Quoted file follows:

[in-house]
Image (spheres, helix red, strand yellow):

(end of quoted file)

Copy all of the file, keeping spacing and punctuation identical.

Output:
[in-house]
Image (spheres, helix red, strand yellow):